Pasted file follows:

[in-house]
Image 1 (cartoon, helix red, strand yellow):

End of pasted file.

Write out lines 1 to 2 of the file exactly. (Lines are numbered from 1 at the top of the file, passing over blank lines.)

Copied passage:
[in-house]
Image 1 (cartoon, helix red, strand yellow):